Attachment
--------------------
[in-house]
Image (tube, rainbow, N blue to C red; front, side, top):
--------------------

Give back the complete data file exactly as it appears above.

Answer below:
[in-house]
Image (tube, rainbow, N blue to C red; front, side, top):